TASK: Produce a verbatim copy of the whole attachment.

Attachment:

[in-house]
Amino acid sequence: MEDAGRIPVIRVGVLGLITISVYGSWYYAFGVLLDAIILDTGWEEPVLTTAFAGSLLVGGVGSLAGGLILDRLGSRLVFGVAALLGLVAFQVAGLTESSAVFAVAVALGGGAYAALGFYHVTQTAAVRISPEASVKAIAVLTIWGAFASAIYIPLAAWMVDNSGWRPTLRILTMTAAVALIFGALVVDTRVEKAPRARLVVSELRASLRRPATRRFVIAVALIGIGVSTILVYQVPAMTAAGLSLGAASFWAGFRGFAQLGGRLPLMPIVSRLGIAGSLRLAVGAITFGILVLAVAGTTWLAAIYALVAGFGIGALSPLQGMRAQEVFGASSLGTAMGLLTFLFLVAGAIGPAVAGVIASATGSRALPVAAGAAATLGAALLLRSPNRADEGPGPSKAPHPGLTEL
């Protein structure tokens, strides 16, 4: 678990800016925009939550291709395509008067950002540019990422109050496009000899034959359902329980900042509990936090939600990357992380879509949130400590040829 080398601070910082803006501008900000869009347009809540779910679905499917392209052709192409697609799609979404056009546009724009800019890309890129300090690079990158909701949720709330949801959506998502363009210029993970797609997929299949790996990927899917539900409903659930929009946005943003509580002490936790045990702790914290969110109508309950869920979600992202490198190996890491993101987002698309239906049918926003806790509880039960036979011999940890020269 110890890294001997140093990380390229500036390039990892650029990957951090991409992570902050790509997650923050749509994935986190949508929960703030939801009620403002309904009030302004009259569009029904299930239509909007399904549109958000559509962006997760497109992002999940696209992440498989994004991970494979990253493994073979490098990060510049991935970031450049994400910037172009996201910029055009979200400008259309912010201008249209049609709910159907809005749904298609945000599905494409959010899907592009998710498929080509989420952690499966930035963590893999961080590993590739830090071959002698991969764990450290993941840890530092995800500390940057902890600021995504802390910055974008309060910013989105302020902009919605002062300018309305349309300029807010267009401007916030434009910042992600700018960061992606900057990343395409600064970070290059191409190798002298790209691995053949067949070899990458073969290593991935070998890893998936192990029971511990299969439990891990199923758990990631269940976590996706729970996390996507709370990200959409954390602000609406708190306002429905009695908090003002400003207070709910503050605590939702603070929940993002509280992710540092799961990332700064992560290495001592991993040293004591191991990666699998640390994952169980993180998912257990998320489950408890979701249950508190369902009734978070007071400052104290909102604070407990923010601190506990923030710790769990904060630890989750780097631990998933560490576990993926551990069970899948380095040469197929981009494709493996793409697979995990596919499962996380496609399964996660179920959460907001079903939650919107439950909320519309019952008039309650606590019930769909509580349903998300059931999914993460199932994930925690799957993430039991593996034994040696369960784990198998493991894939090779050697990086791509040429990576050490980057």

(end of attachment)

[in-house]
Amino acid sequence: MEDAGRIPVIRVGVLGLITISVYGSWYYAFGVLLDAIILDTGWEEPVLTTAFAGSLLVGGVGSLAGGLILDRLGSRLVFGVAALLGLVAFQVAGLTESSAVFAVAVALGGGAYAALGFYHVTQTAAVRISPEASVKAIAVLTIWGAFASAIYIPLAAWMVDNSGWRPTLRILTMTAAVALIFGALVVDTRVEKAPRARLVVSELRASLRRPATRRFVIAVALIGIGVSTILVYQVPAMTAAGLSLGAASFWAGFRGFAQLGGRLPLMPIVSRLGIAGSLRLAVGAITFGILVLAVAGTTWLAAIYALVAGFGIGALSPLQGMRAQEVFGASSLGTAMGLLTFLFLVAGAIGPAVAGVIASATGSRALPVAAGAAATLGAALLLRSPNRADEGPGPSKAPHPGLTEL
């Protein structure tokens, strides 16, 4: 678990800016925009939550291709395509008067950002540019990422109050496009000899034959359902329980900042509990936090939600990357992380879509949130400590040829 080398601070910082803006501008900000869009347009809540779910679905499917392209052709192409697609799609979404056009546009724009800019890309890129300090690079990158909701949720709330949801959506998502363009210029993970797609997929299949790996990927899917539900409903659930929009946005943003509580002490936790045990702790914290969110109508309950869920979600992202490198190996890491993101987002698309239906049918926003806790509880039960036979011999940890020269 110890890294001997140093990380390229500036390039990892650029990957951090991409992570902050790509997650923050749509994935986190949508929960703030939801009620403002309904009030302004009259569009029904299930239509909007399904549109958000559509962006997760497109992002999940696209992440498989994004991970494979990253493994073979490098990060510049991935970031450049994400910037172009996201910029055009979200400008259309912010201008249209049609709910159907809005749904298609945000599905494409959010899907592009998710498929080509989420952690499966930035963590893999961080590993590739830090071959002698991969764990450290993941840890530092995800500390940057902890600021995504802390910055974008309060910013989105302020902009919605002062300018309305349309300029807010267009401007916030434009910042992600700018960061992606900057990343395409600064970070290059191409190798002298790209691995053949067949070899990458073969290593991935070998890893998936192990029971511990299969439990891990199923758990990631269940976590996706729970996390996507709370990200959409954390602000609406708190306002429905009695908090003002400003207070709910503050605590939702603070929940993002509280992710540092799961990332700064992560290495001592991993040293004591191991990666699998640390994952169980993180998912257990998320489950408890979701249950508190369902009734978070007071400052104290909102604070407990923010601190506990923030710790769990904060630890989750780097631990998933560490576990993926551990069970899948380095040469197929981009494709493996793409697979995990596919499962996380496609399964996660179920959460907001079903939650919107439950909320519309019952008039309650606590019930769909509580349903998300059931999914993460199932994930925690799957993430039991593996034994040696369960784990198998493991894939090779050697990086791509040429990576050490980057």